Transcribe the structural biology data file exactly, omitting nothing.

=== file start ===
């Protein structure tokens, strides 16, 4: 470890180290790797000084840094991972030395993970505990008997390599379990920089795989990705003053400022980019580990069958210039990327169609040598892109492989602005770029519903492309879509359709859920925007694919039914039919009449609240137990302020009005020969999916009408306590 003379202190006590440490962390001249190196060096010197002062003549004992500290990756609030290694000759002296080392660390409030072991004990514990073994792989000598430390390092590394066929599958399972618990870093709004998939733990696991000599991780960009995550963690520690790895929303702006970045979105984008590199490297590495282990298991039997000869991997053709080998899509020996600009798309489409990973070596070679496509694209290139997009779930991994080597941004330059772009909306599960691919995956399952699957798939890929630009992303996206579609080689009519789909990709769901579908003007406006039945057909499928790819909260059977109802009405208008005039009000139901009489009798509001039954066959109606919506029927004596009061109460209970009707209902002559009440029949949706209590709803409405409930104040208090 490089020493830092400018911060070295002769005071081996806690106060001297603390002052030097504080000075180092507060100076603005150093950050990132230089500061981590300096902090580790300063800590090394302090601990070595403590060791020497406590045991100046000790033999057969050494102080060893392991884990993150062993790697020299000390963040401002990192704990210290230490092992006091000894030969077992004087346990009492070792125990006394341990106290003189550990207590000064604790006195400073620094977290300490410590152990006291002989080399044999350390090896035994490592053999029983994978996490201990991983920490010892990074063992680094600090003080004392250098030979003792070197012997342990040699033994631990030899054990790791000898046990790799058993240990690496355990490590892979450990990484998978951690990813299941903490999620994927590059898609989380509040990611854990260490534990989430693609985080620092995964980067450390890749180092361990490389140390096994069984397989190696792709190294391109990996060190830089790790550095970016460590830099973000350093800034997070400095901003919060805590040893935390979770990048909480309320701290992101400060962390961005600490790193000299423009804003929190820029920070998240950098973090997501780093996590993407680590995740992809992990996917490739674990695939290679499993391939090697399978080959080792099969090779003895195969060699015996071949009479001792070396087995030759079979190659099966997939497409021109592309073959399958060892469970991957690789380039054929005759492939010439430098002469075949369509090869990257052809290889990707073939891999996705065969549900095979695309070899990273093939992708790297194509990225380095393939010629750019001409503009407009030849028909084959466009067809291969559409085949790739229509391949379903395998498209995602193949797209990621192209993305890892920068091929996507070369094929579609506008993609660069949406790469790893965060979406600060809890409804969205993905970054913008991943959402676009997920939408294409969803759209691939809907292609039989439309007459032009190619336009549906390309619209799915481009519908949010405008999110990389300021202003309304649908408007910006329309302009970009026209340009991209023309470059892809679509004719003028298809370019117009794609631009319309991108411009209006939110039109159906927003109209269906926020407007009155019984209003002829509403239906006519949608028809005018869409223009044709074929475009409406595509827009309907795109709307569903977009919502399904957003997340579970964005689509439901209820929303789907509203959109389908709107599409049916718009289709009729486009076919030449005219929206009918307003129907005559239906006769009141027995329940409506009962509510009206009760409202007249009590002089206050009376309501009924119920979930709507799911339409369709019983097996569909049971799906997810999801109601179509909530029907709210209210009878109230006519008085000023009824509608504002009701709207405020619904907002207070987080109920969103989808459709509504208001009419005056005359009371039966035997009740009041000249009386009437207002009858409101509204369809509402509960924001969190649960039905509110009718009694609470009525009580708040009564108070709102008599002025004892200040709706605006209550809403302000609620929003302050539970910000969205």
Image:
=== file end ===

């Protein structure tokens, strides 16, 4: 470890180290790797000084840094991972030395993970505990008997390599379990920089795989990705003053400022980019580990069958210039990327169609040598892109492989602005770029519903492309879509359709859920925007694919039914039919009449609240137990302020009005020969999916009408306590 003379202190006590440490962390001249190196060096010197002062003549004992500290990756609030290694000759002296080392660390409030072991004990514990073994792989000598430390390092590394066929599958399972618990870093709004998939733990696991000599991780960009995550963690520690790895929303702006970045979105984008590199490297590495282990298991039997000869991997053709080998899509020996600009798309489409990973070596070679496509694209290139997009779930991994080597941004330059772009909306599960691919995956399952699957798939890929630009992303996206579609080689009519789909990709769901579908003007406006039945057909499928790819909260059977109802009405208008005039009000139901009489009798509001039954066959109606919506029927004596009061109460209970009707209902002559009440029949949706209590709803409405409930104040208090 490089020493830092400018911060070295002769005071081996806690106060001297603390002052030097504080000075180092507060100076603005150093950050990132230089500061981590300096902090580790300063800590090394302090601990070595403590060791020497406590045991100046000790033999057969050494102080060893392991884990993150062993790697020299000390963040401002990192704990210290230490092992006091000894030969077992004087346990009492070792125990006394341990106290003189550990207590000064604790006195400073620094977290300490410590152990006291002989080399044999350390090896035994490592053999029983994978996490201990991983920490010892990074063992680094600090003080004392250098030979003792070197012997342990040699033994631990030899054990790791000898046990790799058993240990690496355990490590892979450990990484998978951690990813299941903490999620994927590059898609989380509040990611854990260490534990989430693609985080620092995964980067450390890749180092361990490389140390096994069984397989190696792709190294391109990996060190830089790790550095970016460590830099973000350093800034997070400095901003919060805590040893935390979770990048909480309320701290992101400060962390961005600490790193000299423009804003929190820029920070998240950098973090997501780093996590993407680590995740992809992990996917490739674990695939290679499993391939090697399978080959080792099969090779003895195969060699015996071949009479001792070396087995030759079979190659099966997939497409021109592309073959399958060892469970991957690789380039054929005759492939010439430098002469075949369509090869990257052809290889990707073939891999996705065969549900095979695309070899990273093939992708790297194509990225380095393939010629750019001409503009407009030849028909084959466009067809291969559409085949790739229509391949379903395998498209995602193949797209990621192209993305890892920068091929996507070369094929579609506008993609660069949406790469790893965060979406600060809890409804969205993905970054913008991943959402676009997920939408294409969803759209691939809907292609039989439309007459032009190619336009549906390309619209799915481009519908949010405008999110990389300021202003309304649908408007910006329309302009970009026209340009991209023309470059892809679509004719003028298809370019117009794609631009319309991108411009209006939110039109159906927003109209269906926020407007009155019984209003002829509403239906006519949608028809005018869409223009044709074929475009409406595509827009309907795109709307569903977009919502399904957003997340579970964005689509439901209820929303789907509203959109389908709107599409049916718009289709009729486009076919030449005219929206009918307003129907005559239906006769009141027995329940409506009962509510009206009760409202007249009590002089206050009376309501009924119920979930709507799911339409369709019983097996569909049971799906997810999801109601179509909530029907709210209210009878109230006519008085000023009824509608504002009701709207405020619904907002207070987080109920969103989808459709509504208001009419005056005359009371039966035997009740009041000249009386009437207002009858409101509204369809509402509960924001969190649960039905509110009718009694609470009525009580708040009564108070709102008599002025004892200040709706605006209550809403302000609620929003302050539970910000969205």
Image: